Q. How can a parent tell if the problems a child is experiencing are behavioral or are related to learning?
A. To help discern the difference, first ask yourself if the child has recently begun exhibiting a problem behavior. What was happening just prior to this behavior? If the problem seems to be a poor behavior, you should be able to pinpoint the event(s) that caused the child to react negatively. The key is that the situation caused the child to react. If the problems are related to the learning environment, they are usually more long-standing problems such as poor attention, low self-esteem, or anger related to working on the academics. When a child's learning style(s) is being met, he is happy, more self-reliant, and interested in pursuing his own interests.
Q. Can a learning style change with age (i.e., be different at 8 and then at 12 or 14?
A. I don't believe that a style changes, but the child does. Compare a little child's emotional, behavioral, and social developments with those of a teenager. The older student should be becoming more abstract in his studies. An example of this is the study of geometry. The younger child needs to feel the dimensional cube figure and count the sides with his finger. The older student can abstractly imagine the shape and 'count' the sides by 'turning it' in his mind.
I believe that children can move from concrete random to abstract random. However, I think it is more difficult for a child to move from concrete sequential to abstract sequential.
Q. How can I make things more exciting for my child if he is very 'hands-on' and I am not?
A. A good teacher is not afraid to: 1) ask questions, 2) ask for suggestions from others, and 3) use teacher helps such as texts, magazines, and guides. Bring your basic subject ideas to the support group and ask others how and what they did to spice up their teaching time. If you are really low in your creativity, ask them to be as specific as possible and to let you borrow their patterns. Try not to feel defeated if you are not as hands-on in your approach as 'Mrs. Jones' who has homeschooled for years. Remember, she has had plenty of time to develop her ideas.
Attending workshops and conferences for homeschooling parents and those for teachers in the public and private schools is helpful, too.
Q. What if a child constantly complains, doesn't want to do anything, isn't motivated, but doesn't want to go to school?
A. This scenario makes me think that more is needed than just discovering his learning style and how best to work with him. I wonder what else has been happening that has created such a dramatic behavioral attitude in this student. Complaining is born out of boredom, sorrow, fear, or a feeling of powerlessness. Determine whether the child has just recently adopted this attitude or if it has been more long-standing. If the former is true, what changes have occurred in his schooling or home life or social life? If the latter is true, other issues are underlying such as a possible learning problem. It would be important to seek professional counsel to work with you to determine the best approach to turn the situation around.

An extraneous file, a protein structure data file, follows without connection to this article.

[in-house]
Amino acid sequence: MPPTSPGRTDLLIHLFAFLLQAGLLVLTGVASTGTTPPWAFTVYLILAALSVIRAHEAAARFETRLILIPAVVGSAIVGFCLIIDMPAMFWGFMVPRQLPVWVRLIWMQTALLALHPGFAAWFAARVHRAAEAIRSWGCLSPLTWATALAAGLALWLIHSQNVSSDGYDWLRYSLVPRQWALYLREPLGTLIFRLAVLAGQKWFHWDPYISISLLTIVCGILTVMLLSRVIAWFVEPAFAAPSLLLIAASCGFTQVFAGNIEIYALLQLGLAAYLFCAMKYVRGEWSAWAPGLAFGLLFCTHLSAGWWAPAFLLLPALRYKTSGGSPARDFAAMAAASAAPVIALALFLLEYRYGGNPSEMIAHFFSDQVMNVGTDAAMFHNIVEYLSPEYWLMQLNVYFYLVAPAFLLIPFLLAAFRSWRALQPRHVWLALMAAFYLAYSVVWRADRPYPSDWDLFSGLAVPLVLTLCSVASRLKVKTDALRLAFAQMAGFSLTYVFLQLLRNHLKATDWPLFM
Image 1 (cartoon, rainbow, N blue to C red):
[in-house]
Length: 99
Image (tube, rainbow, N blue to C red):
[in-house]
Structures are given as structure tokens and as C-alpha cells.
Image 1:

Passive resistance could be the child's motivating factor when he does not want to do 'anything'. When I hear parents say, "My child won't do anything," I question them closely What do you mean? Does your child lie in bed in a coma? Does he only play with the computer? Does she only work on crafts? I try to find out what the child is doing to take up the time that the parents want spent on other things. Perhaps the child is angry and chooses passive resistance to be in control. Perhaps he is depressed or feels defeated and is choosing this quiet action to cope.
What can be done to remedy the scenario depends on finding the root of the problem. No one magic solution will turn it around. My experience has taught me that hard work examining the situation, trying appropriate solutions, and keeping an open line of communication work best for parents and child.
Q. Is putting your own curriculum together more difficult than a 'prepackaged' deal?
A. The quick and easy answer is "Yes" because it is a simpler decision to purchase a 'one size fits all' curriculum. At least initially. Later on you may regret purchasing this type of curriculum unless you have predetermined what types of materials and activities work best with your student as you consider the child's learning style and the educational plan for the year. Most prepackaged curriculums cover all subject areas. They arrive at your home in a box and take up little space on the shelf and there are usually items that are never used because the child has either quickly grasped the concept and doesn't need the extra practice or needs to use a more custom designed program.
Putting together your own curriculum takes a little more time as you search out the best materials for the best price. You must keep in mind how your child approaches learning. Is she artistic, does she prefer workbooks, can she work on her own once she has a well thought out plan? You will also need to think creatively. "How can I make this subject more interesting? What activities will make it come alive?" You must also be organized and know where to find the materials you stored away for specific studies.
The beauty of a custom-designed curriculum is that the components can be purchased as needed by the student and as funds allow. It is more difficult to store because it will be used in a variety of ways for more than one year. You fit the curriculum to the student, not the student to the curriculum.